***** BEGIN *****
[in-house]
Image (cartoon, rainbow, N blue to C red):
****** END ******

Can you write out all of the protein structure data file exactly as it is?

[in-house]
Image (cartoon, rainbow, N blue to C red):